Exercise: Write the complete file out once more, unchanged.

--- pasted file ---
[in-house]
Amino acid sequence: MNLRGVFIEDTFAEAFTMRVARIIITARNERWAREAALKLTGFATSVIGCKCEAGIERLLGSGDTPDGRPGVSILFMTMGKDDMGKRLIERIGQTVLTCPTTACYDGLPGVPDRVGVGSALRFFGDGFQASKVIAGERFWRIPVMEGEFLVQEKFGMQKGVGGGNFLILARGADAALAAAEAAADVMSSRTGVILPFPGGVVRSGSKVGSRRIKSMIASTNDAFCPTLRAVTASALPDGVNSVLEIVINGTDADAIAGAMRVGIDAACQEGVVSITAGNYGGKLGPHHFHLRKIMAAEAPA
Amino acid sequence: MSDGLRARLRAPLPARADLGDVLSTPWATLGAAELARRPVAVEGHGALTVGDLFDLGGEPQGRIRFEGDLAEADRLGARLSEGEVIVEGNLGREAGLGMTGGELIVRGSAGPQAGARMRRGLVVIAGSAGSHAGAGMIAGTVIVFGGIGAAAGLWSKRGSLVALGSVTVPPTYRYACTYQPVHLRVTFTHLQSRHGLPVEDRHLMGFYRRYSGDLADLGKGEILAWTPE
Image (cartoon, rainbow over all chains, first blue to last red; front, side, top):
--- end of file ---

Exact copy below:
[in-house]
Amino acid sequence: MNLRGVFIEDTFAEAFTMRVARIIITARNERWAREAALKLTGFATSVIGCKCEAGIERLLGSGDTPDGRPGVSILFMTMGKDDMGKRLIERIGQTVLTCPTTACYDGLPGVPDRVGVGSALRFFGDGFQASKVIAGERFWRIPVMEGEFLVQEKFGMQKGVGGGNFLILARGADAALAAAEAAADVMSSRTGVILPFPGGVVRSGSKVGSRRIKSMIASTNDAFCPTLRAVTASALPDGVNSVLEIVINGTDADAIAGAMRVGIDAACQEGVVSITAGNYGGKLGPHHFHLRKIMAAEAPA
Amino acid sequence: MSDGLRARLRAPLPARADLGDVLSTPWATLGAAELARRPVAVEGHGALTVGDLFDLGGEPQGRIRFEGDLAEADRLGARLSEGEVIVEGNLGREAGLGMTGGELIVRGSAGPQAGARMRRGLVVIAGSAGSHAGAGMIAGTVIVFGGIGAAAGLWSKRGSLVALGSVTVPPTYRYACTYQPVHLRVTFTHLQSRHGLPVEDRHLMGFYRRYSGDLADLGKGEILAWTPE
Image (cartoon, rainbow over all chains, first blue to last red; front, side, top):